The right-wing parties vehemently rejected the Young Plan because they considered the reparations payments too high and the duration too long. Since the Weimar Constitution provided the electorate with the opportunity to directly influence legislation by means of a plebiscite, the political right decided to initiate a referendum in order to effect the rejection of the Young Plan. In July 1929, they formed the “Reich Committee on the Referendum against the Young Plan.” In order to repeal it, they drafted the so-called “Freedom Law,” which declared all provisions of the Versailles Treaty invalid and charged the German signatories of the Young Plan with treason. They hoped the German electorate would vote for this law in the referendum and thus override the Young Plan.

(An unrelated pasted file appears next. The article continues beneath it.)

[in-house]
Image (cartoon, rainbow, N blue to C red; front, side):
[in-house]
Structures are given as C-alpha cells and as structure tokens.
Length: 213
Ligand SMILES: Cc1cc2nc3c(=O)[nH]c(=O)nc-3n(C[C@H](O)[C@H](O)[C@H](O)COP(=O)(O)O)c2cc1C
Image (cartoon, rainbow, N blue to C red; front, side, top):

This poster published by the “Reich Commission” represents an example of the propaganda spread by the political right on posters and flyers in the run-up to the referendum. It shows three generations of German men toiling in compulsory labor while being driven on by a whip-cracking (presumably foreign) slave driver. Thus, the poster offers searing criticism of the duration of the plan and on the terms of the reparations, which were considered a form of “enslavement” by the plan’s opponents. The referendum was eventually held on December 22, 1929. Less than 14% of those eligible to vote in it supported a repeal of the Young Plan; thus, the political right’s attempt to change the course of the Republic’s foreign policy had failed. Nevertheless, initiating the referendum brought political success for the NSDAP, since its cooperation with the more established DNVP and other nationalist organizations helped raised the party’s profile and popularity. This, in turn, translated into a significant increase in votes during the next elections in 1930.